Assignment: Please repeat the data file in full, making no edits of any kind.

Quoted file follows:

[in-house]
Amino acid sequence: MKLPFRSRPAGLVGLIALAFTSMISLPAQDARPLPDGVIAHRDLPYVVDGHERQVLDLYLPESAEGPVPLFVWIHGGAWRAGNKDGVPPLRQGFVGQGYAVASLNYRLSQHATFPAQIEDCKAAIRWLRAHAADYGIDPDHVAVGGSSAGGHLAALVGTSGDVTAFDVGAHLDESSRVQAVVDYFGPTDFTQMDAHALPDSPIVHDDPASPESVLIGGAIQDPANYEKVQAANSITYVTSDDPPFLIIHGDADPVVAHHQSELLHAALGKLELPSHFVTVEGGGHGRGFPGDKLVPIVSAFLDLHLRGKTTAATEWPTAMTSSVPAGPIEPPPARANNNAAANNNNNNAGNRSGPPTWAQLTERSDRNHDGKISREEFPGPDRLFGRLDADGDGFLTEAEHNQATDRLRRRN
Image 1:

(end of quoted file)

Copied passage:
[in-house]
Amino acid sequence: MKLPFRSRPAGLVGLIALAFTSMISLPAQDARPLPDGVIAHRDLPYVVDGHERQVLDLYLPESAEGPVPLFVWIHGGAWRAGNKDGVPPLRQGFVGQGYAVASLNYRLSQHATFPAQIEDCKAAIRWLRAHAADYGIDPDHVAVGGSSAGGHLAALVGTSGDVTAFDVGAHLDESSRVQAVVDYFGPTDFTQMDAHALPDSPIVHDDPASPESVLIGGAIQDPANYEKVQAANSITYVTSDDPPFLIIHGDADPVVAHHQSELLHAALGKLELPSHFVTVEGGGHGRGFPGDKLVPIVSAFLDLHLRGKTTAATEWPTAMTSSVPAGPIEPPPARANNNAAANNNNNNAGNRSGPPTWAQLTERSDRNHDGKISREEFPGPDRLFGRLDADGDGFLTEAEHNQATDRLRRRN
Image 1: